"I think for me success is being challenged with what I’m doing … it’s more the challenge of doing something interesting and helping someone else. And I always felt that about education while working here at Assumption, that I was helping adult students get their lives back on track or retool to get a new career. And then later with the older students I really felt like I was making a big difference in the latter half of their lives. They would tell me things like, 'I don’t know what I would be doing if I didn’t have WISE to come to.' So for me, it was to be able to offer something to other people and to be challenged with something new. And that is what I am finding now with my new career, as I slowly build up this business, that it’s nice to be challenged and I still like to be doing something that is helping other people hopefully."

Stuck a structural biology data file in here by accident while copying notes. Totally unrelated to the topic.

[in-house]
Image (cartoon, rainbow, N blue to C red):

Charlene Martin was born in 1957, graduated from Assumption College in Worcester, MA, and subsequently worked there for twenty-eight years. She spent most of her career at Assumption in the Continuing Education department working with adult learners and after a series of positions became Dean of the program. Her achievements include developing the first online courses for the College and founding the Worcester Institute for Senior Education (WISE), a lifelong learning institute for older adults. She earned a doctorate in higher education from the University of Massachusetts/Amherst. In this interview Charlene discusses the frequent moves made during her childhood, the importance of education in her life, her love for the Assumption College community, and her passion for adult and older adult education. This passion continued after she left the College to start her own business Pathfinders Retirement Innovations where she provides seminars and consulting on educational programming for adults seeking meaning in the second half of their lives. She reflects upon the importance of seeking new challenges and learning opportunities throughout one’s life. She is also active in various organizations and is currently co-chair of the Worcester Women’s Oral History Project.